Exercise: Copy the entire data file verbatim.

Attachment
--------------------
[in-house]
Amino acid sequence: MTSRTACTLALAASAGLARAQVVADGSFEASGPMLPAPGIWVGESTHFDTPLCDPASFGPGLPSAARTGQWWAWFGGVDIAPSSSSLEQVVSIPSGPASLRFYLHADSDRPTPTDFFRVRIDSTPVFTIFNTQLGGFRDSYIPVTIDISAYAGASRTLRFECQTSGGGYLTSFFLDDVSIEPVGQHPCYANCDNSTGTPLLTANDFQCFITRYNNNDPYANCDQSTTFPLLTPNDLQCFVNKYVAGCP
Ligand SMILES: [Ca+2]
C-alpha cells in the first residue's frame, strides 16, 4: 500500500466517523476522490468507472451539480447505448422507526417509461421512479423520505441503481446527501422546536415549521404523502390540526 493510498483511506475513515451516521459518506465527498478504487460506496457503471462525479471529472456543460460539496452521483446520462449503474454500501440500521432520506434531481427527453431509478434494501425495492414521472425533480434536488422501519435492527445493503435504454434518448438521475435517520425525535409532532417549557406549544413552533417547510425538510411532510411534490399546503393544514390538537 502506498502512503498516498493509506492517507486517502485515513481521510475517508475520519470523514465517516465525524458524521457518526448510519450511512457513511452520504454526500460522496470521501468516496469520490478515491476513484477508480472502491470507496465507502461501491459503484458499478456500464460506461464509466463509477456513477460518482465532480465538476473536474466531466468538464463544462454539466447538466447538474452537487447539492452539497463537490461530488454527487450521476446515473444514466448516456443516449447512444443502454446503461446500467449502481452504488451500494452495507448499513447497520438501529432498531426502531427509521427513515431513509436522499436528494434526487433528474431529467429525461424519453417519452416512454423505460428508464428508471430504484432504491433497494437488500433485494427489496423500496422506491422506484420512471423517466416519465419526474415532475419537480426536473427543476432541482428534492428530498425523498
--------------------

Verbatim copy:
[in-house]
Amino acid sequence: MTSRTACTLALAASAGLARAQVVADGSFEASGPMLPAPGIWVGESTHFDTPLCDPASFGPGLPSAARTGQWWAWFGGVDIAPSSSSLEQVVSIPSGPASLRFYLHADSDRPTPTDFFRVRIDSTPVFTIFNTQLGGFRDSYIPVTIDISAYAGASRTLRFECQTSGGGYLTSFFLDDVSIEPVGQHPCYANCDNSTGTPLLTANDFQCFITRYNNNDPYANCDQSTTFPLLTPNDLQCFVNKYVAGCP
Ligand SMILES: [Ca+2]
C-alpha cells in the first residue's frame, strides 16, 4: 500500500466517523476522490468507472451539480447505448422507526417509461421512479423520505441503481446527501422546536415549521404523502390540526 493510498483511506475513515451516521459518506465527498478504487460506496457503471462525479471529472456543460460539496452521483446520462449503474454500501440500521432520506434531481427527453431509478434494501425495492414521472425533480434536488422501519435492527445493503435504454434518448438521475435517520425525535409532532417549557406549544413552533417547510425538510411532510411534490399546503393544514390538537 502506498502512503498516498493509506492517507486517502485515513481521510475517508475520519470523514465517516465525524458524521457518526448510519450511512457513511452520504454526500460522496470521501468516496469520490478515491476513484477508480472502491470507496465507502461501491459503484458499478456500464460506461464509466463509477456513477460518482465532480465538476473536474466531466468538464463544462454539466447538466447538474452537487447539492452539497463537490461530488454527487450521476446515473444514466448516456443516449447512444443502454446503461446500467449502481452504488451500494452495507448499513447497520438501529432498531426502531427509521427513515431513509436522499436528494434526487433528474431529467429525461424519453417519452416512454423505460428508464428508471430504484432504491433497494437488500433485494427489496423500496422506491422506484420512471423517466416519465419526474415532475419537480426536473427543476432541482428534492428530498425523498